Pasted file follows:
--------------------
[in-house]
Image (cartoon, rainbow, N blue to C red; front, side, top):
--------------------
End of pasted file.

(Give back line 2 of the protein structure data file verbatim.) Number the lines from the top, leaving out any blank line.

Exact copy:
Image (cartoon, rainbow, N blue to C red; front, side, top):